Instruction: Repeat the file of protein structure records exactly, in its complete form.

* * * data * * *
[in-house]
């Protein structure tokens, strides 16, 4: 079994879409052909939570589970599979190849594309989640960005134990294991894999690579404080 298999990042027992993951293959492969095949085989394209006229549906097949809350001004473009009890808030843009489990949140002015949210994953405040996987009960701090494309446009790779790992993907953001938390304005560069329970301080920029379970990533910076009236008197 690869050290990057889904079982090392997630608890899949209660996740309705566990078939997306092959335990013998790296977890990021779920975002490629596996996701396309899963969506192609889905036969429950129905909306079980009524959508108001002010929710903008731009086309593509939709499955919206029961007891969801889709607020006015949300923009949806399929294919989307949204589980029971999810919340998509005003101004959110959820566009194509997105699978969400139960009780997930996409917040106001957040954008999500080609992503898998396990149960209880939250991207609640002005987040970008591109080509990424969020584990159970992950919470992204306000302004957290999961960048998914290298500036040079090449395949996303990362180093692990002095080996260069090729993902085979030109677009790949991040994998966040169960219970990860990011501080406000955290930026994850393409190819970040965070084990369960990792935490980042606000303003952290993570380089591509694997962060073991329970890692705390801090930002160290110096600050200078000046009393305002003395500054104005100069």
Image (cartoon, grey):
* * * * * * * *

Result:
[in-house]
């Protein structure tokens, strides 16, 4: 079994879409052909939570589970599979190849594309989640960005134990294991894999690579404080 298999990042027992993951293959492969095949085989394209006229549906097949809350001004473009009890808030843009489990949140002015949210994953405040996987009960701090494309446009790779790992993907953001938390304005560069329970301080920029379970990533910076009236008197 690869050290990057889904079982090392997630608890899949209660996740309705566990078939997306092959335990013998790296977890990021779920975002490629596996996701396309899963969506192609889905036969429950129905909306079980009524959508108001002010929710903008731009086309593509939709499955919206029961007891969801889709607020006015949300923009949806399929294919989307949204589980029971999810919340998509005003101004959110959820566009194509997105699978969400139960009780997930996409917040106001957040954008999500080609992503898998396990149960209880939250991207609640002005987040970008591109080509990424969020584990159970992950919470992204306000302004957290999961960048998914290298500036040079090449395949996303990362180093692990002095080996260069090729993902085979030109677009790949991040994998966040169960219970990860990011501080406000955290930026994850393409190819970040965070084990369960990792935490980042606000303003952290993570380089591509694997962060073991329970890692705390801090930002160290110096600050200078000046009393305002003395500054104005100069």
Image (cartoon, grey):